Business practices are another barrier. Workers on student and trainee visas are vulnerable to exploitation. Firms where promotion is based on seniority rather than merit and where long hours are the norm will find it hard to attract workers.

Japan also needs to do more to help integrate foreigners, says Iki Tanaka, who runs Youth Support Centre Global School, a private institute in Fussa, a city of 60,000 people west of Tokyo. A teacher at the school is coaching a group of foreign students, including Nepalese and Filipinos, in Japanese. The goal is to get them into state secondary school.

Ms Tanaka suspects that the government makes little effort to help foreigners integrate because it does not really want them to stay. It requires many of those already present to renew their visas frequently, for example.

The case of nikkeijin, immigrants of Japanese extraction, is instructive. They have the right to move to Japan based on family ties and so provide an easy way around the restrictions on low-skilled migrants.

In theory they should be easy to integrate; many are familiar with the culture and speak some Japanese. In practice, however, the government has made no effort to help them. The children of nikkeijin do worse in school than those of other immigrants.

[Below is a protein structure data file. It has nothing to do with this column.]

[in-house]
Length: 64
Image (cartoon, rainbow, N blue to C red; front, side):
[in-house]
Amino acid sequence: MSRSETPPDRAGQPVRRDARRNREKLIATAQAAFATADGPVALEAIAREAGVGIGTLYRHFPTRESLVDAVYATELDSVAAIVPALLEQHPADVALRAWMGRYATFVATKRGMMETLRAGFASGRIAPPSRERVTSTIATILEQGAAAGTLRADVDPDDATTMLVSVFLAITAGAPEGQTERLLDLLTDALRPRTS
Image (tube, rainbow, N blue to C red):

The clearest sign of the government’s ambivalence came in 2008, when the economy took a turn for the worse and unemployment rose. It offered nikkeijin free flights and other subsidies to move back to their home countries if they promised not to return.

Accepting mainly skilled workers has allowed Japan to get away without any integration policy until now, says Mr Chiavacci. But as the number of immigrants rises, and especially as more low-skilled workers are admitted, this omission threatens to bring about some of the very concerns that prompted the government to restrict immigration in the first place, such as ghettoisation and poverty.

“With the right policies, we could transform ourselves from the weirdest nation in the world on immigration to a model for how to do it,” muses Mr Sakanaka.

Source: The Economist
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Re: Japan 05 (Apr 15 - Jun 17)

Postby winston » Mon Jul 23, 2018 7:14 pm

Bank of Japan Offers Unlimited Bond Buying After Yields Jump

By Masaki Kondo and Chikafumi Hodo

Central bank’s offer to buy unlimited bonds drew no sellers
Yield curve bear-steepens before 40-year debt sale on Tuesday

Source: Bloomberg

https://finance.yahoo.com/news/asian-st ... 27741.html
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Re: Japan 05 (Apr 15 - Jun 17)

Postby winston » Thu Aug 02, 2018 10:38 am

Why Japan may spark the next crisis